I've come to be quite a master of labels. Truly a connoisseur. Prada, Armani, Chanel, YSL -- I love them all. Clean and new, tailored and pressed, the labels that line my closet each have a story and represent my personal style. But there are other labels we use in our culture, that you can't take off at the end of the night. The ones that can't be washed with a little detergent, but can color throughout the course of a lifetime. And it's these labels that have caught my attention recently: gay, straight, black, white, male, female, poor, rich, fat, skinny ... the list goes on.
I see these labels as having little value, and yet they are used, traded and bought into faster than next season's collections at New York Fashion Week. America prides itself on being a melting pot of cultures, beliefs and histories. But, when given the chance to separate out all the ingredients, people often do. I'm an advocate for feeling proud to be who you are, but trying to fit someone else in a box leads to intolerance.
I read an article in a psychology journal that explained this a bit. It seems we build up our prejudices for several reasons, one being for our own self esteem. Defining people as "us" or "them" according to whatever criteria we're talking about makes us a part of something we like, and different from what we don't. Scientifically it's called "social identity theory," but in life it's an old concept and something we teach our children not to do: Do not put others down to make you feel bigger or better.
I recognize there is a part of us, biologically, that notices our differences. She wears glasses. He has long hair. But we are also evolved enough to decide to make these labels important or pay no heed to them. There is a global conversation we're all a part of with every single sentence we utter. You may think no one's listening, or your one Tweet into a feed of thousands doesn't matter. But it does.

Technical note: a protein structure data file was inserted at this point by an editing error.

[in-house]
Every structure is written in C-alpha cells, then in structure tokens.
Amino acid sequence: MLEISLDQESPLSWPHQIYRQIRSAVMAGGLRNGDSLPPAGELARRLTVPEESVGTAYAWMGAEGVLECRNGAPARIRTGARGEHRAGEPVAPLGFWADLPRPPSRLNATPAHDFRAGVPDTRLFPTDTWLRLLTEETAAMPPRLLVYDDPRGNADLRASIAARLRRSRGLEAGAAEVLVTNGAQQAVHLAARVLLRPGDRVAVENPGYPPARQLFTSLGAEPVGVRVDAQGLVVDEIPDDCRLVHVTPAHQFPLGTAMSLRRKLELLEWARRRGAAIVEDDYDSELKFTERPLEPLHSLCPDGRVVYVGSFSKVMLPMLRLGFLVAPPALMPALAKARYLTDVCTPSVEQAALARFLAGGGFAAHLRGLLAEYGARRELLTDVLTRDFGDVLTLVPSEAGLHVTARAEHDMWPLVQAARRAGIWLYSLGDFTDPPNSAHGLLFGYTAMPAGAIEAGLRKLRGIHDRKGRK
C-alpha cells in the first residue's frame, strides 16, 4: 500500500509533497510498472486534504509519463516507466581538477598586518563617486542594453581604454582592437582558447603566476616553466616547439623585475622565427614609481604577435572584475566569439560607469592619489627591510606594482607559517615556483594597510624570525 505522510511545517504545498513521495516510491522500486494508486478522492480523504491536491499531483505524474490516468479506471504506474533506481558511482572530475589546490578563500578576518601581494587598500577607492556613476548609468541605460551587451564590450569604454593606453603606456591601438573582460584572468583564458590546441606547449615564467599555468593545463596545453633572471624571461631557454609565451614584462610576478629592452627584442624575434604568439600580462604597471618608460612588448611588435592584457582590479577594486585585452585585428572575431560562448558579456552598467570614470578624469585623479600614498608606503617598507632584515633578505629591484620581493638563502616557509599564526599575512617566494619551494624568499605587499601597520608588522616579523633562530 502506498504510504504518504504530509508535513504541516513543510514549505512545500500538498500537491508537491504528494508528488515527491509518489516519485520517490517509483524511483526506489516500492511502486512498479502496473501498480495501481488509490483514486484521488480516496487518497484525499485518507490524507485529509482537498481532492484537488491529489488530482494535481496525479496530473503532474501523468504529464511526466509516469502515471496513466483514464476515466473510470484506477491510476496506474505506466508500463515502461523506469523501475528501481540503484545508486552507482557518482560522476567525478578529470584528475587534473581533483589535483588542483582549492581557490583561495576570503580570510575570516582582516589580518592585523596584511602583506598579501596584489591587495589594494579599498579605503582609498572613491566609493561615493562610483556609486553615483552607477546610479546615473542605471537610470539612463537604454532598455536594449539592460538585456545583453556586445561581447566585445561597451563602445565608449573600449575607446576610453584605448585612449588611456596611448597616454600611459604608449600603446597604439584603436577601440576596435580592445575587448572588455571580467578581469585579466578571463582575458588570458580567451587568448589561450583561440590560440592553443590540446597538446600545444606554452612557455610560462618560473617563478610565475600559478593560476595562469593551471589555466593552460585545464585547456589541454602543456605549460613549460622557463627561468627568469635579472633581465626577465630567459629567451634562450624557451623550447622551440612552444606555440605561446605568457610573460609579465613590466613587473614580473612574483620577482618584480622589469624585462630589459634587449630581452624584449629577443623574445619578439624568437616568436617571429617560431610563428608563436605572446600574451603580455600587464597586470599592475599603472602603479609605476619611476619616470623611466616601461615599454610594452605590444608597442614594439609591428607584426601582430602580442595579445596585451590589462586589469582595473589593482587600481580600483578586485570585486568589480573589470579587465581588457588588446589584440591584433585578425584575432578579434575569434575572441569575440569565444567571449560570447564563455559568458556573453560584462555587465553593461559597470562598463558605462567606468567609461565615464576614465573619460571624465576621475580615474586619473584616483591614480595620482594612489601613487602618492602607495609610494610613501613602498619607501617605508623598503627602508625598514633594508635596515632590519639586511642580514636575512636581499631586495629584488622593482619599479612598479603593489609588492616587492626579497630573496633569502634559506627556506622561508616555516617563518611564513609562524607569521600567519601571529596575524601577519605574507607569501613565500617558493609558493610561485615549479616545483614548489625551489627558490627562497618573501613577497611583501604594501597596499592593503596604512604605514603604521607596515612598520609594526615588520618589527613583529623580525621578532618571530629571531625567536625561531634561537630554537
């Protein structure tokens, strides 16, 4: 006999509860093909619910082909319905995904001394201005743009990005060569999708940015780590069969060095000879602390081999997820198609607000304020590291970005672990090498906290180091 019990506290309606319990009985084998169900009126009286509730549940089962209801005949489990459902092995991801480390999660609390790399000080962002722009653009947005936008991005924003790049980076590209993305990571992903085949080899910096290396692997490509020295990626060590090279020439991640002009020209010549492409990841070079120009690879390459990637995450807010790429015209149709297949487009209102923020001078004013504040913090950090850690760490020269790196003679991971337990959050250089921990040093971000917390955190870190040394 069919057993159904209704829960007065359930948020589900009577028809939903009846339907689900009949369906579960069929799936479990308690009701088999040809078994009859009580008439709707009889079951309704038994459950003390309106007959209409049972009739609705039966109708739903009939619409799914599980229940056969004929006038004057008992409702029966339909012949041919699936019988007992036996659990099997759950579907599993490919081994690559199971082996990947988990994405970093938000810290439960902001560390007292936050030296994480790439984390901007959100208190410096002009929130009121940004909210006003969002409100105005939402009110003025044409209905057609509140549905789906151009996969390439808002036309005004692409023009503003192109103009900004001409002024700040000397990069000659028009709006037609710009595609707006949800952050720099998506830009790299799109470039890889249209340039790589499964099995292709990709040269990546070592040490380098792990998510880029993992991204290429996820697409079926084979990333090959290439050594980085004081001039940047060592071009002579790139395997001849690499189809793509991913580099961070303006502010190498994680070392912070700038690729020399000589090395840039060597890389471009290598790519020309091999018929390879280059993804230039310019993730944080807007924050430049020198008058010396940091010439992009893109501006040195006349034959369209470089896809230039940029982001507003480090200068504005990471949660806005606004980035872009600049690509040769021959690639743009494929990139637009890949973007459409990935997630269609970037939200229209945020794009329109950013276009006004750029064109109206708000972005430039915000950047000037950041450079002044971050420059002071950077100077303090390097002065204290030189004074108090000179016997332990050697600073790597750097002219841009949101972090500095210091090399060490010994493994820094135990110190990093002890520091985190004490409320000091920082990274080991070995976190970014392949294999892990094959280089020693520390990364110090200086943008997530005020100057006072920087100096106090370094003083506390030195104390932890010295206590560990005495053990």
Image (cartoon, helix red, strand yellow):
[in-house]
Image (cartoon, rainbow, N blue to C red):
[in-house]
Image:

Each time we box someone else in, decide what or who they are, we assume the right to determine what is theirs: Their own true identity. Isn't it up to them to choose what they like and don't; who they really are and what they are a part of? Taking away the freedom of that discovery is a tragedy that effects the label-er and label-ee. One that leads to self-denial and more prejudices.
Even I get lumped into the name game. It seems that in every interview, people ask me if I'm gay. They don't ask me about how much I love my wife ('cause she's amazing). And they don't want to know about the charitable causes I'm committed to. Twitter is all abuzz speculating about my sex life. And I must say, I'm flattered. If you're talking about what I am doing in the bedroom, than at least you're interested. But if I was gay, then I would just be gay. Instead, I'm a man who cares about fashion and décor, has a thick southern accent, enjoys raising his kids, and loves being married to his soul mate, Julie. Doesn't it seem a little silly that it's more important what I do under the sheets than the legacy I am trying to leave behind for my children?
I'm not saying we should give up labels, but find more important ones to care about. How about "humanitarian" or "leader"? And I am a big fan of "healer," "genius" or "philanthropist." We should be a culture obsessed with talking about people's character over their personal lives. Could you imagine the tabloids printing feverishly to expose great parenting and community involvement? Envision the world we could create if our values and labels were based on fortitude, kindness and love.
When you think about it, does it really matter to you whom he is having sex with? Or whom she prays to? Or which race that family is a part of? Nothing's so cut and dry these days. My granddaughter has a white father and a black mother. She is the apple of my eye and will be raised knowing we are proud of both of her families and their very different histories. The only label that fits her is: "amazing."